Verdict: Ehh, not sure yet. My major complaint is with the new cartoon-lowrider-gangster look they saddled Paco with. It looks stupid, it adds nothing to the character, and it gives DC another black eye when it comes to doing pointless racist crap. Combined with the awkward dialogue — and extremely obtrusive and gratuitous Spanish, dropped here mainly to remind everyone that HOLY COW, EVERYONE, WE’VE GOT A BROWN-SKINNED CHARACTER! — this title isn’t looking so good. I’ll probably stick with this one for a while, ’cause I do love this character, but it’s a far cry from the glory days of John Rogers’ run on this title.

Tiny Titans #44

Beast Boy is terrified of the crossing guard patrol — because they’re actually Elasti-Girl, Robotman, Negative Man, and Mento — the Doom Patrol! Well, they don’t seem so bad. Robin really likes Elasti-Girl, Robotman is really enthusiastic, Mento loves to think, and Negative Man is negative about everything. So what does Beast Boy really have against the Doom Patrol? What’s their fiendish secret origin?

Verdict: Thumbs up. As always, very cute and funny, and it’s great to see the Doom Patrol in this series. Any chance we can get Crazy Jane in here sometime?

Today’s Cool Links:

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Booster Shots

Booster Gold #29

Booster’s sister Michelle is stuck in the past, living in Coast City, and finally remembering that the entire place is about to be destroyed by Mongul and the Cyborg Superman. Meanwhile, Booster and Rip Hunter have figured out that the renegade time traveler who tried to kill Hank Henshaw last issue is going to try to stop him from blowing up Coast City, no matter what damage may occur to the timestream. Booster reluctantly goes to stop her — he’d prefer to save Coast City, too — but it may already be too late. And our backup story focuses on Jaime Reyes, the Blue Beetle. The Scarab armor has gone bad and taken Jaime over — it’s planning on doing whatever it can to destroy the world, and only Paco, Brenda, Traci Thirteen, and Peacemaker have a chance to stop him.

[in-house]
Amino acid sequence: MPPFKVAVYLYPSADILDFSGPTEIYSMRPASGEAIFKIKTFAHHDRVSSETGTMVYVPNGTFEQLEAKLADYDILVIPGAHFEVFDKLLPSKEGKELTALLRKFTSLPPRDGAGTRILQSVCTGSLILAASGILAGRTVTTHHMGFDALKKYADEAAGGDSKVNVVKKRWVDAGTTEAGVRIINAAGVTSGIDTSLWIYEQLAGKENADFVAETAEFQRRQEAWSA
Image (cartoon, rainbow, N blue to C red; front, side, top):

Verdict: Thumbs up. The Booster story is fine, but I wanna talk about the Blue Beetle backup story. It ends well, of course — except that this is the final Blue Beetle backup story in the “Booster Gold” comic. This is rotten news — I’ve enjoyed most of the Booster stories, but the fact remains that the stories about Jaime, his friends, and family have generally been of higher quality. Jaime deserves a place in the DCU outside of occasional guest appearances or in the spectacularly awful “Teen Titans” comic. Hopefully, someone at DC will get smart and give him back a regular ongoing title again.

Marvel Adventures: Super Heroes #20

It’s the current crop of Avengers — Captain America, the Vision, Iron Man, the Invisible Woman, Thor, Black Widow, and Nova — against Diablo, an immortal alchemist. Diablo beats Iron Man like a drum while the rest of the team is running around New York trying to locate them — and they’re being attacked by gigantic fire and stone elementals. Will the team be able to save Iron Man, stop Diablo, and discover who has been causing emotional freakouts all over the world?

Verdict: I’ll give it a thumbs up. Nothing entirely outstanding, but there was nothing seriously wrong with it either. There are a few really nice character moments in here, and Diablo makes a very threatening villain.

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Gold, Black, and Blue